Showcased on a pedestal at the National Museum of Anthropology in Mexico City, the exhibition features work that was produced under Design Week Mexico's Vision and Tradition residency program for artists and designers.
Designers were tasked with formulating an object that would then be created through the techniques of the craftspeople, many of whom work with traditional methods and materials.
"Vision and Tradition, throughout its eight initial editions, has developed and adapted to new forms of work and creative production," said Design Week Mexico co-founder Andrea Cesarman.
Each year a guest country is invited to submit designs alongside the designers from Mexico. For 2022, Brazil was selected as the guest country.
A town or region of Mexico is also specially selected each year to bring its artisanal tradition into the spotlight.
Metepec, in the State of Mexico – the region adjacent to the federal district of Mexico City – was chosen for 2022, with all the craftspeople hailing from the town or from those nearby.
The aim was for the artists and artisans to create "a piece that generates a dialogue and shows the importance of the residence as a platform for intercultural development", according to Cesarman.
The residency used various collaborative arrangements to create the works, based on proximity and restrictions introduced during the pandemic.
One arrangement was a face-to-face collaboration, where the designers visited the artisans' workshops.
Among the pieces that were created by designers who met the craftspeople in person were woven products developed by Mexican designer José María Balmaceda with artisans from Calimaya, State of Mexico.
Together, they created mohair textile works by combining traditional techniques and modern technology.
The exhibition also showcased existing programs that aim to "strengthen crafts" and their relationship to the design market.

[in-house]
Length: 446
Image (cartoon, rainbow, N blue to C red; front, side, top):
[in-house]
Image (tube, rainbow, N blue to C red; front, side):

Longer-term collaborations that show how the process can turn into durable design brands were also on display, including the work of Mexico City studio Ad Hoc, which also helped curate the whole exhibition.
The studio works with papel picado – a papercutting technique – to create modern leather home goods that draw on traditional designs, including wooden side tables with leather faces featuring the decorative designs.
Finally, the showcase also explored the potential of digital communication. The curators wanted to see "how virtual processes can be linked" to the same design processes, according to Cesarman.
This led to some challenges, such as gaps in communication between the designers speaking different languages from the craftspeople they were assigned to work with.
Among these collaborations was a project by Mexican artisan Francisco Huazo Cedillo and Mexican designer Naso Vargas, who created a series of ceramics together.
Other exhibitors included Mexican design studios Acoocooro, Lili Cortina, Rodrigo Noriega, Sergio Matos, and other artisans from Metepec included Rodolfo Sánchez, Juan Hernández, María Molina, and Daniela Soteno
The photography is by Achach Fotografïa.
Vision and Tradition is part of Design Week Mexico and runs from 12 October to 5 November 2022. Design Week Mexico will run various programming until 5 January 2023. For more architecture and design events, fairs and talks, visit Dezeen's Events Guide.